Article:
03 Sep Stop sensationalising rapes
Posted at 00:00h
This appeared in TFW on Sept 3
Has Nirbhaya’s death gone waste? Even while she was battling for life, there were girls being tortured in the same city. There were numerous cases [imagine the numbers that went unrecorded] in the rest of the country during those weeks, when the nation saw unprecedented uprising and angst.
Then slowly the candles blew out and the lenses zoomed on other issues, until the photo-journalist was attacked.
Isn’t something wrong somewhere? The first query that rushes to mind is which rape cases make news? Is it the place, the qualification of the victim, the modus operandi, the aftermath or the number of suspects involved? There was equal hoopla about Mumbai being tarnished alongside the actual unfortunate news of the girl who was out on her duty. Such barbaric acts happen in smaller towns, too. Aren’t their lives important to be documented and fought for? Or is it the case of more the merrier – only when gangs are involved are cases dissected? Or is the professions and education of those involved that matter?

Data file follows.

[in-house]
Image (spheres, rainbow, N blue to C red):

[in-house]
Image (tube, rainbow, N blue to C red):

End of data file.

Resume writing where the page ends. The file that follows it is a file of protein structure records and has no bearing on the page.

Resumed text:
A case needs one or more of the above to qualify as news. And when it meets the entire checklist it becomes breaking news!
We need to stop sensationalising rapes.
Hooding the suspects, parading them, meeting the families of the victim, then hiding their address, and yet giving away clues…absurd. Treat them like any other suspect. How has their minute details given out at precise intervals helped stop the menace? The law needs more sprucing up. Fast track further and make the punishment more stringent.
Why should a juvenile suspect be tried differently? If they can do it then they ought to face it. Period. Whom are we fooling? What human rights are we speaking of here? When they take away the rights of unsuspecting women in the most inhuman of ways, why should they be given any levy?
Cut the bureaucracy and protocol. Assign selective power to local police to deal with rape cases within their jurisdiction. Let them hear out both the parties, investigate and file a report and take the case to the local courts and execute the verdict. There should be no appealing verdicts in such cases. Only then will punishments be quicker and sick minds be reformed. Sounds autocratic. But in some cases, to preserve democracy, we need to be stern.
Media should be hauled up as well. In the age of social media, that’s a tough call. But nothing is impossible. TRP ratings should exclude rape coverage. Can media moguls stand up for this? If they sincerely believe in what they claim to passionately cover, they will. And that will be the beginning of de-sensationalising human sufferings.